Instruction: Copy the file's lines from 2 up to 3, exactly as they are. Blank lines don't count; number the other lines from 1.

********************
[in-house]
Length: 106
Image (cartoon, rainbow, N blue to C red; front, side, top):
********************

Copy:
Length: 106
Image (cartoon, rainbow, N blue to C red; front, side, top):